Date of Award

December 2019

Degree Type

Thesis

Degree Name

Master of Science

Department

Engineering

First Advisor

Brian Armstrong

Committee Members

Brian Armstrong, Zhi Zheng, Zeyun Yu

Abstract

Sensory abnormality is one of the important characteristics of Autism Spectrum Disorder(ASD). A large number of studies suggest a strong connection between sensory abnormalities and ASD. Therefore, it is important to assess sensory abnormalities for diagnosis and intervention of ASD. In this thesis study, we aim to develop a virtual reality system that can measure sensory abnormalities in adolescents with ASD. Sensory abnormalities can affect all five senses: touch, vision, smell, taste and auditory. However, in this study, we focus on assessing sensory abnormality in vision and touch sensory processing. Twelve adolescents with ASD and 12 typically developing (TD) adolescents aged 11-17 years participated in the study. Participants were assigned a task in which they interacted with the virtual reality system. The system recorded participants’ behavior and their response to the virtual environment in the real time while they completed the task. We defined four measurements to analyze the behavior of the participants. With the help of the defined measurements, we found some significant differences in the way participants with ASD and TD participants interacted with the virtual environment. Participants also filled a commonly used standard psychological assessment questionnaire called Adult/Adolescent Sensory Profile (AASP). Strong correlations between some of the scores in the questionnaire and their response to the virtual environment were also observed. Therefore, this pilot study supports the use of technology to assess sensory abnormalities and shows that further research into the development of such technology is essential.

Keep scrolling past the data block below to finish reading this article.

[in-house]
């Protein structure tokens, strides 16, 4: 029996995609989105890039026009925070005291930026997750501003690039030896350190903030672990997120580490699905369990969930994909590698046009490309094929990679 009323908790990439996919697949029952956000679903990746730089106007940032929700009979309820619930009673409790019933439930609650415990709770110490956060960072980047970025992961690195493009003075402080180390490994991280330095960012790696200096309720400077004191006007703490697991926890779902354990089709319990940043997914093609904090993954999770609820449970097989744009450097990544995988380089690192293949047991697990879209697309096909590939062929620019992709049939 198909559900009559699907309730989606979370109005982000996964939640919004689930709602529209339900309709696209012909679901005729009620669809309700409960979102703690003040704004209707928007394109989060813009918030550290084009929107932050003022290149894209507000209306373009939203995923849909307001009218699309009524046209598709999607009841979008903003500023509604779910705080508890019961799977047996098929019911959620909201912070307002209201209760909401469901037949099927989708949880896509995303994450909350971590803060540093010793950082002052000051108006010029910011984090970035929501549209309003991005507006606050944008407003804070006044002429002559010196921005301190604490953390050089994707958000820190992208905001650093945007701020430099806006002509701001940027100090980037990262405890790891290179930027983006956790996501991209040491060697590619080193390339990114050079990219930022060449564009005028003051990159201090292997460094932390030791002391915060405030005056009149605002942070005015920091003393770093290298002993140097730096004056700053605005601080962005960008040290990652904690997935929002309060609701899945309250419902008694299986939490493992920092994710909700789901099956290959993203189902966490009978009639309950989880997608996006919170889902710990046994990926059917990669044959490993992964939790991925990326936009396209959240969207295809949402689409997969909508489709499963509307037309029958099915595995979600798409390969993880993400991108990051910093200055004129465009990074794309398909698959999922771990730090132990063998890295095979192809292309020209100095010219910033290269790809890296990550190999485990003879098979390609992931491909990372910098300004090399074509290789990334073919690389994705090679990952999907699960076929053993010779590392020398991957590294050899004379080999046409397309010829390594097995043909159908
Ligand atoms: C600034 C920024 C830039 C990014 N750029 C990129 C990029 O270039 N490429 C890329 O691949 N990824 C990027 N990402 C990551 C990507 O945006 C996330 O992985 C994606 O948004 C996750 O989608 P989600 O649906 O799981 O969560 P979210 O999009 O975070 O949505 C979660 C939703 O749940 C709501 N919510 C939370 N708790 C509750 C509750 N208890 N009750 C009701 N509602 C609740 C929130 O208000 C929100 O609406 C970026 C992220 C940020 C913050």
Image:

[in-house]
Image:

Available for download on Thursday, January 07, 2021

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